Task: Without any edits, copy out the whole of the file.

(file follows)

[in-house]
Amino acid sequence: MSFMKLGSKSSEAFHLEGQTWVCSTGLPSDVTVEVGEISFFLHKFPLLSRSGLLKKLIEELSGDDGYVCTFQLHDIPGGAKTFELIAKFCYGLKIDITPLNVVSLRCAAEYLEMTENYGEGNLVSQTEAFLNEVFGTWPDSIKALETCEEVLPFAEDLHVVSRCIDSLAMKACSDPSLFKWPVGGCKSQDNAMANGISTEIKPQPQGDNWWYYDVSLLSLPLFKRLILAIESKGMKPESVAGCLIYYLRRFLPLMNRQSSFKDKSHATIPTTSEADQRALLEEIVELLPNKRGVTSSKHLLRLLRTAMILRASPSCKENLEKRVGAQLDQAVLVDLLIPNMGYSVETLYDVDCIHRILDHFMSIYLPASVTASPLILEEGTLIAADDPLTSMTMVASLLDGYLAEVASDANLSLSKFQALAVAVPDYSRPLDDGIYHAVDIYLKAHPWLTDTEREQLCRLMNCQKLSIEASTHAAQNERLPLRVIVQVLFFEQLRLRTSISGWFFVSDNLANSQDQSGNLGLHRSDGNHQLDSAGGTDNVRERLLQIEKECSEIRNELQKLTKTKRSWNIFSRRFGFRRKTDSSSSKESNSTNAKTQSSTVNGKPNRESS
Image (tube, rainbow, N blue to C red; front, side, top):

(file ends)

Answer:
[in-house]
Amino acid sequence: MSFMKLGSKSSEAFHLEGQTWVCSTGLPSDVTVEVGEISFFLHKFPLLSRSGLLKKLIEELSGDDGYVCTFQLHDIPGGAKTFELIAKFCYGLKIDITPLNVVSLRCAAEYLEMTENYGEGNLVSQTEAFLNEVFGTWPDSIKALETCEEVLPFAEDLHVVSRCIDSLAMKACSDPSLFKWPVGGCKSQDNAMANGISTEIKPQPQGDNWWYYDVSLLSLPLFKRLILAIESKGMKPESVAGCLIYYLRRFLPLMNRQSSFKDKSHATIPTTSEADQRALLEEIVELLPNKRGVTSSKHLLRLLRTAMILRASPSCKENLEKRVGAQLDQAVLVDLLIPNMGYSVETLYDVDCIHRILDHFMSIYLPASVTASPLILEEGTLIAADDPLTSMTMVASLLDGYLAEVASDANLSLSKFQALAVAVPDYSRPLDDGIYHAVDIYLKAHPWLTDTEREQLCRLMNCQKLSIEASTHAAQNERLPLRVIVQVLFFEQLRLRTSISGWFFVSDNLANSQDQSGNLGLHRSDGNHQLDSAGGTDNVRERLLQIEKECSEIRNELQKLTKTKRSWNIFSRRFGFRRKTDSSSSKESNSTNAKTQSSTVNGKPNRESS
Image (tube, rainbow, N blue to C red; front, side, top):